Ever since those days Argentina has been trying hard to make the Progressive square wheel work. The opulence of the early 20th century is long gone. Poverty afflicts more than 30% of the country (some say almost 50%) and people that can speak English and French are no longer common. In fact, an alarming number of Argentines have trouble communicating in Spanish, illiteracy statistics are scary, and teaching in schools is largely reduced to leftist indoctrination. Argentina is among the international top ranks in one thing though: taxation. Hardly a single peso changes hands without the government getting its cut. Even checks and ATM extractions are taxed! If this is beginning to sound familiar to our American friends up north, it is no coincidence.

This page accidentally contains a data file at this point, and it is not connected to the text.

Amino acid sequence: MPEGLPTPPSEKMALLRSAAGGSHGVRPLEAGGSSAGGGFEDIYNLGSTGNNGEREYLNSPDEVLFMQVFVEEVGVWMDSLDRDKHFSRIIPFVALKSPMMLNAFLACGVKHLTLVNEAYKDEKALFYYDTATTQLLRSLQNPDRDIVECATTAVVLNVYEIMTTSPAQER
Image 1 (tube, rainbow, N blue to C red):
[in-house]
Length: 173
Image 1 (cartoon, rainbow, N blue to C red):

Radicalism, Progressivism, Liberalism —it has many names— has conquered the world. The story began long ago. The Spaniards were barely beginning to conquer the Americas when Luther was successfully heading a rebellion against papal authority. In the centuries to follow, the rebellion was going to extend from the Protestant countries to the intellectuals of the whole world, not as a religious rebellion but as a rebellion against the prevailing establishment. That was simply an echo of the devil’s rebellion against God the Father.  To this day Liberals of all kinds still consider fatherhood enemy number one. In the aftermath of World War II the Liberals were sitting on top of the world.

Then Jesus told his disciples, “ […] For what will it profit a man, if he gains the whole world and forfeits his life? Or what shall a man give in return for his life? […]” — Matthew 16:24-28